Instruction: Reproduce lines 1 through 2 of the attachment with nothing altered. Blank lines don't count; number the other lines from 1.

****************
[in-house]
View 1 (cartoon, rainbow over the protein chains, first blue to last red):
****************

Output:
[in-house]
View 1 (cartoon, rainbow over the protein chains, first blue to last red):